A Blog About Current Issues in White Collar Defense
Did Florida Accidentally Outlaw All Smartphones?
A lawsuit recently filed by Incredible Investments, LLC, owned by entrepreneur Consuelo Zapata, alleges that the language in a recently enacted Florida law that was intended to shut down Internet cafes and slot machines has actually outlawed all mobile devices that are capable of accessing the Internet. The complaint, which seeks to have the new law declared unconstitutional, alleges that in the process of hastily passing the bill, the legislators crafted language that could include any smartphone or computer in Florida. The complaint, a copy of which is available here, asks the court to throw out the law, which was purportedly passed “in a frenzy fueled by distorted judgment in the wake of a scandal that included the lieutenant governor’s resignation.”
The law in question was signed into law on April 10, 2012, by Florida Governor Rick Scott. Zapata, whose clientele is primarily migrant workers seeking to access the Internet, owns one of the approximately 1,000 internet cafés that was shut down as a result of the law.
The bill was introduced in the aftermath of a state investigation which found that a purported charity earned $290 million from an Internet gambling effort but donated only $5.8 million of those funds to charity. The investigation resulted in 57 arrests on racketeering and money laundering charges. Former Florida Lieutenant Governor Jennifer Carroll, who has ties to the charity but has not been accused of wrongdoing, resigned in the wake of the investigation.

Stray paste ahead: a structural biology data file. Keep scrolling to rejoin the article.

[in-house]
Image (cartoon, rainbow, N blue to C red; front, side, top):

The problem with the law that was noted in the lawsuit is that it amended the definition of a slot machine to include “any machine or device or system or network of devices” that can be used to play games of skill or chance, which can be activated by “money, coin, account number, code, or other object or information.” The lawsuit alleges that with such a broad definition of a slot machine, any smartphone or computer is effectively banned in Florida because it could be used to access the Internet to play an illegal game.
It is unclear what the result of the lawsuit will be. The court may agree with the plaintiff that this law has effectively banned mobile devices and should be struck down. However, courts often attempt to avoid constitutional issues when interpreting laws and could find that another reading of the statute in this case would be more appropriate.
Whichever way the court does decide on the law, this lawsuit shows the dangers of a swift reaction from a legislature after a high profile incident occurs. The unintended consequences of legislation can be quite serious, as is alleged to be the case here, and a thorough examination of the problems and the best way to address them could have avoided the confusion that has resulted from this law.